Marvel Agents Carter | Bridge and Tunnel // Recap Review

Carter searches for a new apartment, the SSR investigates magnets, and triage Nurse, Betty Carver, tidies up the camp while the men defend their country!

As the SSR investigates the implosion of the Roxxon factory, Agent Carter does her best to stay two steps ahead of them while juggling her new role as a double agent and looking for an affordable apartment in New York. Carter continues her own investigation, infiltrating a milk factory that the nitramene was loaded into. Chief Dooley (Shea Whigham) and Agent Thompson (Chad Michael Murray) grasp at any clue they can find, leading them to Roxxon CEO, Hugh Jones (Ray Wise). With some assistance from Agent Carter, the SSR manage to find the Roxxon employee who was assisting in creating the nitramene.

Agent Carter and the SSR aren’t the only ones searching for the chemical bombs, as the Leviathan agent Sasha Demidov (James Landry Hebert) searches through New York’s criminal underworld for Leet Brannis (James Frain), the rogue Leviathan broker.

Eventually, all three investigations lead to a corrupted milk truck driver, Mr. Sheldon McFee (Devin Ratray). Jarvis and Carter manage to catch up with McFee first, and also Leet Brannis, who is willing (more or less) to work with Agent Carter and the SSR if given protection from Leviathan.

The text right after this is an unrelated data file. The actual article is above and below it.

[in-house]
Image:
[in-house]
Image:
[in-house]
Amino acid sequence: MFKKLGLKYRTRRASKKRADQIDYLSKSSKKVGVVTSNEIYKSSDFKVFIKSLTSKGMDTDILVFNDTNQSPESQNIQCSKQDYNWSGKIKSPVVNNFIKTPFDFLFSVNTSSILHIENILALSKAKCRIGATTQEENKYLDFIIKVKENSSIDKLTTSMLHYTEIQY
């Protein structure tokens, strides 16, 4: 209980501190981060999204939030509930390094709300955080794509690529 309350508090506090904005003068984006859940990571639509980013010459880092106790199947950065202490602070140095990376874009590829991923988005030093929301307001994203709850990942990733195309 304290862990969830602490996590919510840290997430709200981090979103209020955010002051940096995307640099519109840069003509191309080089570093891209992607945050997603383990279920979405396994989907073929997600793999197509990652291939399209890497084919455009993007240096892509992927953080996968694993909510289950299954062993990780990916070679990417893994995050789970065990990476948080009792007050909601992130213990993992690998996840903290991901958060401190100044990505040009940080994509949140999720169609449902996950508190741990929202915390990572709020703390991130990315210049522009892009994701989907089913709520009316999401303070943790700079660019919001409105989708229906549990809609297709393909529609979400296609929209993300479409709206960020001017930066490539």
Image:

Peggy Carter’s character is put under the microscope as the heroin is fleshed out. Her motivations and history are apparent from the start, but “Bridge and Tunnel” delves into her emotional traits. As strong a character as she is, this also presents a flaw. She tries to carry the world on her shoulders, pushing aside the enthusiastic help of friends like Angie Martinelli and partners like Edwin Jarvis. Her reasoning behind this distance she puts between herself and the world she tries to protect stems from the guilt she feels at the loss of her former roommate, Colleen O’Brien (Ashley Hinshaw), and maybe even blaming herself for the death of Capt. America.

While the episode explores these emotions, the tone is kept upbeat with the inclusion and juxtaposition of the popular radio show, “The Captain America Adventure Program.” The radio series tells the obviously true stories of Captain America’s battles against the Nazis, with his Howling Commandos, and beautiful triage nurse Betty Carver, at his side. This adds a humorous element to the episode, while also showing the limited perspective of everyday Americans of the super heroic events of Captain America.

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